It also seems increasingly likely that genetic factors must play a role in the development of ovarian cancer and that some women will, because of their genetic makeup, be inherently more susceptible to potential cancer-causing factors than others. For example, some women may, because of their genes, be better able to repair damage to their genetic material. These women may then be less susceptible to the adverse effects of compounds or exposures, such as radiation, that are known to damage genetic material.
A narrow approach to ovarian cancer will inevitably be limited in terms of the information it can provide. We therefore propose to conduct a multicenter, multidisciplinary study (the Australian Ovarian Cancer Study) that is large enough to be able to look at the different types of ovarian cancer separately and that will maximize resources by integrating a wide range of epidemiologic, molecular, and genetic tools in a concerted effort to increase our understanding of what causes some women to develop ovarian cancer.
We will do this by identifying a group of more than 1,000 women across Australia who have recently been diagnosed with ovarian cancer and a comparable group of women without ovarian cancer. With the permission of the doctors of the women with cancer and the consent of the women themselves, we will interview them to collect information about their past reproductive history and their behavior patterns. We will also collect blood and urine samples from all women and tumor samples from women with ovarian cancer. We will then compare the women with and without cancer to identify environmental and genetic factors that are more (or less) common among the women with cancer.
Importantly, we will also be able to combine these new data with data from our previous study (SWH), thereby creating the largest ovarian cancer resource of its kind. This combined resource will comprise epidemiological data from more than 1,800 women with ovarian cancer and 1,800 without cancer, with blood and tumor samples from more than half of the women. This will put us in a unique position to be able to investigate both genetic and environmental factors that cause the different types of ovarian cancer.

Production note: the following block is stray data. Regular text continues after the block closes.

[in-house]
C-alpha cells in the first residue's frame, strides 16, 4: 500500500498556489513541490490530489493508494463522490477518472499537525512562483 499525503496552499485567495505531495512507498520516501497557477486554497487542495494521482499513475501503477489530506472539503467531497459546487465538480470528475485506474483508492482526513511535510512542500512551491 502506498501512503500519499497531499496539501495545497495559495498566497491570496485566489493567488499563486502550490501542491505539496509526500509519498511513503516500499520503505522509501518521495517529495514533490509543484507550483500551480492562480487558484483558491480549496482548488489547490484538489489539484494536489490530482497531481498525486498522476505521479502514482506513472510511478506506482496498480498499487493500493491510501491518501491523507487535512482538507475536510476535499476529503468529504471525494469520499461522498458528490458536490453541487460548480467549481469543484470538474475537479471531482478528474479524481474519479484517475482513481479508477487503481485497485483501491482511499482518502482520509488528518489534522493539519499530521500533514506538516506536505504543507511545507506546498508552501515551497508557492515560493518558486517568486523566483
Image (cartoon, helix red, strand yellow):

Core Facility B: Program Project Award
Principal Investigator: David Bowtell
Core Facility B: Public Abstract
Ovarian cancer is one of the most complex human cancers, with many different types of disease recognized. Even among the more common forms of ovarian cancer, serous and mucinous, there is a wide spectrum of clinical responses to treatment. Underlying these different forms of the disease and variable responses to treatment must be genetic differences that dictate the properties of the cancer cells. We have only identified a fraction of the genetic changes in ovarian cancer, and we do not know how they interact with each other to drive ovarian cancer cell growth. We also know little about the genetic and environmental causes that trigger ovarian cancer. Although several genes have been identified that greatly increase the risk of developing ovarian cancer, only a small percentage of ovarian cancer cases are clearly inherited. The bulk of sporadic disease is thought to be dependent on an intersection between a person¿s genetic makeup, particularly genes that have a smaller influence, and ill-defined environmental effects.
We have designed three studies to investigate the cause genetic and environmental causes of ovarian cancer and the genetic forms the disease takes once it develops. In order to address these challenging questions, we need a collaborative, large-scale program to generate the statistical power needed to make clear conclusions. Our studies are based on a network of Australian gynecological-oncologists and researchers. Through this network, we will have immediate access to banks of ~860 frozen ovarian cancer samples for immediate use in genetic studies, plus a prospective collection of about another 600 surgical samples, and about 1,000 blood and urine samples over the course of the proposed work. The latter samples will have extensive clinical and epidemiological information attached to them, such as oral contraceptive use, alcohol intake, number of children, as well as pathological information.
The value of this work is substantial. Cancer is a disease of genes, and if we are to understand the cause of ovarian cancer and treat it more effectively, we must build a comprehensive picture of the genetic changes in different forms of the disease. This work is an exploration of the genetic landscape of ovarian cancer, utilizing a very large number of samples with deep patient histories behind them. We expect this work to provide a genetic classification of ovarian cancer that will provide insights into the growth and survival of cancer cells and to understand how a patient¿s genetic makeup and environment may have contributed to the development of ovarian cancer.